TAMPA — An informant who helped investigate Sami Osmakac cannot testify at Osmakac’s terrorism trial because the informant is being treated in Israel for leukemia, prosecutors notified the court today.
The witness in question owned a store and notified the FBI in September 2011 that Osmakac had come in looking for flags representing al-Qaida, according to a criminal complaint. The store owner then hired Osmakac and became a paid FBI informant, introducing Osmakac to an undercover agent.
The prosecution alleges that Osmakac, a naturalized citizen from Kosovo, planned to launch a car bomb attack in Tampa and then take hostages and demand the release of Muslim prisoners. He was arrested in January 2012 after an FBI sting operation in which he tried to buy explosives, at least 10 grenades, Uzis and an AK-47, authorities said.
Osmakac is scheduled to stand trial in Tampa federal court May 27. But Assistant U.S. Attorney Sara Sweeney notified the court today that the witness, referred to in court filings as CHS, for “confidential human source,” will not be available to testify then.
Sweeney wrote that the government is prepared to go forward with the trial without the witness, but that defense attorney George Tragos considers his testimony important to prove his defense of entrapment.
Sweeney wrote that she is asking the Justice Department for guidance on whether there are other options, such as taking the witness’ deposition in Israel. She added she wouldn’t object if the defense asked that the trial be delayed while this is arranged.
The trial date has already shifted several times, once to ensure it wasn’t underway during the anniversary of the Sept. 11 attacks.
The informant has family in the Gaza Strip but is an American citizen, according to the prosecution’s court filing today.
The witness’ son told the FBI that the informant is under doctor’s orders not to travel, according to the prosecution court filing. The son didn’t know where in Tel Aviv the witness is or at what hospital.
According to the complaint affidavit, the informant initially refused to record his interactions with Osmakac, although later meetings were recorded.
In one recorded meeting on Nov. 30, 2011, the informant drove with Osmakac around the Tampa area and talked about a potential attack, according to the affidavit. Osmakac asked the informant to help him get firearms and an explosive belt. The informant told Osmakac he knew someone who might be able to provide the weapons, referring to the undercover FBI agent.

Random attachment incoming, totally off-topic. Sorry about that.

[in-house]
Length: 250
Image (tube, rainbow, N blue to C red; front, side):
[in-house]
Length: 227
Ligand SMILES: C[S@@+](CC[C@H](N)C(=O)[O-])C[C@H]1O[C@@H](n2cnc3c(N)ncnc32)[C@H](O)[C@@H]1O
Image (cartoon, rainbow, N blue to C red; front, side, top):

The next month, the informant introduced Osmakac to the agent.
The agent is expected to testify under a cloak of unusual secrecy, using a false name and seated behind a screen, so no one in the courtroom’s spectator section can see him. The defense will be severely limited in its ability to question the agent about his identity or past investigations he has participated in.
The defense maintains that Osmakac was targeted by the FBI because he was a financially destitute, radical Muslim. Tragos also maintains Osmakac had mental health issues that made him vulnerable to entrapment.
On New Year’s Day, 2012, according to the complaint, Osmakac was given the chance to back out of the plot. But he declined, saying, “We all have to die, so why not die the Islamic way?”
Osmakac’s intended target shifted over the course of the investigation, which spanned several months, at times involving government buildings, the Hillsborough County Sheriff’s Office operations center in Ybor City and, ultimately, a pub in South Tampa.
In discussing a possible Ybor City attack, Osmakac told an undercover agent he wanted to detonate a car bomb near a nightclub on a night when there would be a lot of people in the area, according to the complaint.
“I know a lot of places where it gets real crowded,” he is quoted as saying.
He also told the agent he wanted to “take down buildings” and “kill people inside,” the complaint states.